Practical Tips for Evaluating the Number of Stocks in a Fund

 

When evaluating mutual funds, consider the following practical tips regarding the number of stocks in the portfolio:

 

  1. Assess Your Risk Tolerance

     

Determine your risk tolerance and investment goals. If you are risk-averse and seek stable returns, a fund with a larger number of stocks might be more suitable. If you are willing to take on more risk for the chance of higher returns, a concentrated fund might be appealing.

 

  1. Review Sector Allocation

 

Examine the fund’s sector allocation to understand its diversification. A well-diversified fund should have exposure to multiple sectors. This reduces the risk associated with any single sector's downturn.

 

  1. Analyze Historical Performance

 

Look beyond the headline returns. Analyze the fund’s historical performance in different market conditions. Check for consistency in returns and how the fund has managed volatility.

 

  1. Consider the Fund Manager’s Strategy

 

Understand the fund manager’s strategy and style. This can provide insights into why the portfolio is structured the way it is. Active management with a concentrated portfolio requires confidence in the selected stocks, while a diversified portfolio may reflect a more cautious approach.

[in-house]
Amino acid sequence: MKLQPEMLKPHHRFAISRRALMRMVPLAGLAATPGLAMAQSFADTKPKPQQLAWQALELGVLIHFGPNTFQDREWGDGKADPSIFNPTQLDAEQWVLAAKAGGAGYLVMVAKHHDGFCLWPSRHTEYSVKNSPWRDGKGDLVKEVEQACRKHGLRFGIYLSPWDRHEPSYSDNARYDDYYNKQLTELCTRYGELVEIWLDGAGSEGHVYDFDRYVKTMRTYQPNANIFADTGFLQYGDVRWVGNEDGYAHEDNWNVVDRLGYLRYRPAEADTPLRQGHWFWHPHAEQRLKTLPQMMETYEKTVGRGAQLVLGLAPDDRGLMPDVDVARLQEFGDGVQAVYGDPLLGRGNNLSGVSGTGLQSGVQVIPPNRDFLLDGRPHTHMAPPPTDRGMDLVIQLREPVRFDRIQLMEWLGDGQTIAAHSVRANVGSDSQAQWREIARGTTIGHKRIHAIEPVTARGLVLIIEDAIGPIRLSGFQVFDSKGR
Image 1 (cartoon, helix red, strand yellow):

Conclusion

 

While returns, rolling returns, and volatility are important metrics when choosing a mutual fund, the number of stocks in the portfolio is a critical factor that should not be overlooked. The size of the portfolio influences diversification, risk, and overall investment strategy. By considering the number of stocks, investors can make more informed decisions that align with their risk tolerance and investment goals. Remember, a well-diversified portfolio can provide stability and reduce risk, making it a valuable aspect of mutual fund selection.

Discussion